Hospital materials managers may be surprised at the depth of relationship and the scope of services that a physician distributor provides to the office setting, adds Connett. The hospital has resources to handle issues that come up within the supply chain, he points out. But in the physician office, the person with ordering responsibility usually has other responsibilities. “The ordering and management of inventory is typically not sophisticated, and often there is turnover. As such, the physician office depends on their distributor to handle a broader scope of the day-to-day issues, so they can focus on the clinical needs of their patients.”
The physician office typically depends on their distributor for office and equipment setup or practice management solutions, which allow the physician to optimize their practice, he says. “It is not uncommon for the hospital to see this support as additional cost, only to find out that once the support model is pulled out or reduced, the burden of the issues fall back to Materials Management, which may not have the resources.”
“Over years of service, the services and solutions the distributor representative has provided have helped [physicians] build better practices,” says Greg Cressman, vice president, health systems, PSS. Those programs include low-unit-of-measure, stat delivery of products, inventory control programs, product training, etc. As such, the non-hospital distributor can be of great help to the hospital materials manager.
“Good non-acute distribution can help alleviate the stresses and headaches associated with the growing pains of acquiring physician practices,” says Cressman. Distributors can work with materials management and physician offices to standardize products and services, and they can probably do it faster than the hospital materials team working on its own.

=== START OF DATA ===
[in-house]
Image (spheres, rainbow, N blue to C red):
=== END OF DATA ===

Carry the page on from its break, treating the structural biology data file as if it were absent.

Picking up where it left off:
“We talk a lot about clinical integration of products,” continues Cressman. “You want to be able to put a product in somebody’s hand that they can see, feel and touch, before you mandate it, in order for it to be used.” The physician sales rep, who is in the office regularly and has credibility with those in the practice, can do that. “PSS has the expertise and manufacturer relationships to accomplish clinical integration and standardization, along with training for services such as rapid testing.”
Cardinal Health views the physician-office sales rep’s role as being a solutions-provider to the practice, says John Rademacher, president, ambulatory care. Sales reps help physicians, nurses and office managers evaluate product options and select the one that works best in the practice, he says. “They help [the practice] understand what options are available to them, and they show them what’s coming down the pike from different manufacturers.”
Because of their supply chain expertise, physician-office reps can advocate on behalf of the materials management organization whose IDN may have acquired the physician practice, says Rademacher. Reps can help the physician office staff understand nuances of supply chain concepts such as standardization, he says. But successful materials executives move slowly with their newly acquired practices. “There is an opportunity to bring some rationalization and standardization into the process, but that has to evolve over time in order to keep employee engagement and physician satisfaction high, and to make certain that the integration of these practices into the delivery network is optimal.
“You need to embrace the practices and try to leverage their strengths,” he says. “You need to optimize their ability to maximize patient care. You have to pick how you want to prioritize the assimilation and integration.” Physician-office distributors can help.